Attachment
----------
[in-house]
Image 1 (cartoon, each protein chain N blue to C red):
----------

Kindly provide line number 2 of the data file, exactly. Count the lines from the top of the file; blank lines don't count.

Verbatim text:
Image 1 (cartoon, each protein chain N blue to C red):